Couples, family members, and people who are in a close relationship don’t always get along. Most of the time, even when they argue, fight, and say things they don’t mean, they’re usually forgive each other and move on.
If your argument or fight turns violent, however, you could be charged with a domestic battery offense under Illinois domestic violence laws. And depending on your history and the nature of the offense, you could be facing either a misdemeanor or felony charge.
For an incident to be considered domestic violence in the first place, the defendant and the victim have be involved or have previously been involved in some type of relationship. The types of relationships covered by the Illinois Domestic Violence Act include:
- Spouses or ex-spouses
- People who are dating or who used to date
- Parent and child or stepparent and stepchild
- Individuals who have a child together
- Blood relatives through a child
- Family members
- Current or former roommates in a shared house
- Adult and their caregiver
If you have committed an act of domestic violence, you can be charged with domestic battery or aggravated domestic battery based upon the circumstances of the offense. Battery involves any physical harm caused to a person, or any uninvited, insulting, or provoking physical contact.
Domestic battery. Domestic battery is committed if the nature of the crime aligns with the legal definition of battery and if the defendant had a relationship with the victim as outlined in the Illinois Domestic Violence Act.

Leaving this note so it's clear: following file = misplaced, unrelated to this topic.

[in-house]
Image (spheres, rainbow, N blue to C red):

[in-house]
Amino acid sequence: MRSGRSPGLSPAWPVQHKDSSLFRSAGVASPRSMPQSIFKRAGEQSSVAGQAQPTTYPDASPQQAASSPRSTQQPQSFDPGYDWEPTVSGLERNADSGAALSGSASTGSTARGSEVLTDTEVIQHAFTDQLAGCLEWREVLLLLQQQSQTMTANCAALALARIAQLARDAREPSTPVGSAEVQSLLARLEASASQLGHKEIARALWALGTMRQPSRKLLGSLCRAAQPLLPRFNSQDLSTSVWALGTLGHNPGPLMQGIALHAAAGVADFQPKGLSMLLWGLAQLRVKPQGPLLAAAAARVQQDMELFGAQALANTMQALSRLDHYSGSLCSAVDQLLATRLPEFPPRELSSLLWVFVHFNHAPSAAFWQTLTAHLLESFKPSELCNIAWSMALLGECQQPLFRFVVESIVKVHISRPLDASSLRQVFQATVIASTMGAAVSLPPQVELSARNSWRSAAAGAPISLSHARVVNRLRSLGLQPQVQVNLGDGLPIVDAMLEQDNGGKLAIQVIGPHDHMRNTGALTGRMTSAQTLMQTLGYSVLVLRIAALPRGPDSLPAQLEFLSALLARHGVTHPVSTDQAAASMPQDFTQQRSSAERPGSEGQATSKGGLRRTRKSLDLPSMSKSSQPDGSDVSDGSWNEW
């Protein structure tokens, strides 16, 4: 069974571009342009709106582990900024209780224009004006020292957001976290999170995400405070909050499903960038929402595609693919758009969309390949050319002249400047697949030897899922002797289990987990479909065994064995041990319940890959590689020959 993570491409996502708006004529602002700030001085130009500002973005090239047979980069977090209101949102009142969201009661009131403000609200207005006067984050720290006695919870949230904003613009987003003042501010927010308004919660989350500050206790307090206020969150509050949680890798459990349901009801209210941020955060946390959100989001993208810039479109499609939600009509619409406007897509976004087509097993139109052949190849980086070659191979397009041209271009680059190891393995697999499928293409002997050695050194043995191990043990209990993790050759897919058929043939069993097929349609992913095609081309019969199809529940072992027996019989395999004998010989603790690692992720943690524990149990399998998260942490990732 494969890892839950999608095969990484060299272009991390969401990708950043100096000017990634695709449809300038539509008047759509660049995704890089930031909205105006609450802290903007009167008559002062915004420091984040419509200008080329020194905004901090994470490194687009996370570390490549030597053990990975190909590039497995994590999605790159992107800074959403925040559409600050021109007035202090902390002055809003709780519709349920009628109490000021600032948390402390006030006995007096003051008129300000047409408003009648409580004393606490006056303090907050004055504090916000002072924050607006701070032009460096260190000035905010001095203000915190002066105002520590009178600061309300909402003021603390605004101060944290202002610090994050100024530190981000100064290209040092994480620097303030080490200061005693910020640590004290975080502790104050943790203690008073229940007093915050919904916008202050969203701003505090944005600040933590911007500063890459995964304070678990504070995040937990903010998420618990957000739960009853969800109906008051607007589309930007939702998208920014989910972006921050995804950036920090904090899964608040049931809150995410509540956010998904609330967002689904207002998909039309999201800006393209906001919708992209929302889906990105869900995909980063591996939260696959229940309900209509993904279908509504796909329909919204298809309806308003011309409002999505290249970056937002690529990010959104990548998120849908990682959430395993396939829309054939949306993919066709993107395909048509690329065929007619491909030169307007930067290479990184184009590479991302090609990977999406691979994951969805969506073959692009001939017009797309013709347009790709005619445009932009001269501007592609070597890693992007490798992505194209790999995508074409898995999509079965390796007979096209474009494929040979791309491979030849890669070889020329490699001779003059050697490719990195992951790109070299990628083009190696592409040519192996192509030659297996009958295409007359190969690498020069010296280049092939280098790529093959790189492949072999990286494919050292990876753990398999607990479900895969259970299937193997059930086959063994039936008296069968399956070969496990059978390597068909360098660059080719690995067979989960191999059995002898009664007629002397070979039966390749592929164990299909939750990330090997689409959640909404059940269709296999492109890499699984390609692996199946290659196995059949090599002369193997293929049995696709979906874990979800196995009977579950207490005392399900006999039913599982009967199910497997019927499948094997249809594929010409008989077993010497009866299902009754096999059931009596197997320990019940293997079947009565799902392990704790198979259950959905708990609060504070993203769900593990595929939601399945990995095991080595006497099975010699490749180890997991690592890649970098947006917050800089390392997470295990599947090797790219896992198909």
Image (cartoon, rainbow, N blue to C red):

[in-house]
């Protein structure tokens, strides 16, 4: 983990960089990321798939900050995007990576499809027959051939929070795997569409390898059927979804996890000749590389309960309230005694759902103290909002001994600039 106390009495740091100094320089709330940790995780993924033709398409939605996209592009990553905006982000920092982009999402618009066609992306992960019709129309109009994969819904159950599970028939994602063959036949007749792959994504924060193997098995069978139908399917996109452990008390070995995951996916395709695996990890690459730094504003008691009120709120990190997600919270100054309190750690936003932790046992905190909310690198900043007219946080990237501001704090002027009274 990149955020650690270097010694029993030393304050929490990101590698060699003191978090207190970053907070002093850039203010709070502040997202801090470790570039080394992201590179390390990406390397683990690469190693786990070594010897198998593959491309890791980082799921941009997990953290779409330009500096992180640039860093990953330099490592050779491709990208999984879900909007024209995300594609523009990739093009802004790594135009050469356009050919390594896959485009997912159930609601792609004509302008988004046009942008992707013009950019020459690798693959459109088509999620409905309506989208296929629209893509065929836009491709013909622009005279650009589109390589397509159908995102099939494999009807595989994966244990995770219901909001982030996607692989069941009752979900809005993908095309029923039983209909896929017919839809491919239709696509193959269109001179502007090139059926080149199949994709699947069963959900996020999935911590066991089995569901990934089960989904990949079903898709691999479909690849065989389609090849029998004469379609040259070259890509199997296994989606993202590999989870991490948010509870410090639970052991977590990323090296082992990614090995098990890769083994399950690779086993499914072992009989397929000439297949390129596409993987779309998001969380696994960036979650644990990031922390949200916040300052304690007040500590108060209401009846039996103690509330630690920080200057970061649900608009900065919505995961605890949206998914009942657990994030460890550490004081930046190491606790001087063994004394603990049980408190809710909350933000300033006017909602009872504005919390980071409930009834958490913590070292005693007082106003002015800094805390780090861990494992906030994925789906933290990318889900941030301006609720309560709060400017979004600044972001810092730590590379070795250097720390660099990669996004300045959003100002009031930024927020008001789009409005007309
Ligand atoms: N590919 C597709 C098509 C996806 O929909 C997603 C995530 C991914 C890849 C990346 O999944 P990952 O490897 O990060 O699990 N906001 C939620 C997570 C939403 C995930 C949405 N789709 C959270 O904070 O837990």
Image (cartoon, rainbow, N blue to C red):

Domestic battery is a Class A misdemeanor punishable by a fine up to $2,500 and up to one year in jail. If you have a prior domestic battery conviction or if the domestic battery also involved a firearm, child, or sexual assault, you could be charged with a Class 4 felony, which is punishable by a fine up to $25,000 and 1 to 3 years in jail. A prosecutor may also seek an extended sentence if the defendant has a criminal history.
Aggravated domestic battery. Domestic battery charges can be increased to aggravated domestic battery charges if the defendant intended to cause great bodily harm or the crime resulted in permanent disfigurement or disability. If the defendant strangled the victim by choking his or her neck or prevented the victim’s ability to breathe, this could also lead to aggravated domestic battery charges.
Aggravated domestic battery in Illinois is a Class 2 felony, which is punishable by a fine up to $25,000 and 3 to 7 years in jail. If the defendant is granted probation, they must still serve at least 60 days in jail.
A defendant who was previously convicted of an aggravated domestic battery charge will have to serve a mandatory 3 to 7 years in jail with an extended sentence ranging from 7 to 14 years in jail.
If you are convicted of either domestic battery or aggravated domestic battery, you also will be prohibited from possessing, shipping, receiving, or transporting any type of firearm or ammunition, and may face federal criminal charges under the federal Gun Control Act of 1968, which was amended to include domestic violence offenders in 1996.
If you are facing a domestic battery charge, you should contact a top Chicago domestic battery attorney with a proven track record to help defend your rights and the charges you’re up against.
About the Author:
Andrew M. Weisberg is a former felony prosecutor who now serves as a defense attorney in the greater Chicago area. He has extensive experience in handling all types of criminal cases, from sex offenses and domestic violence to retail theft-related crimes, Murder, and drug crimes.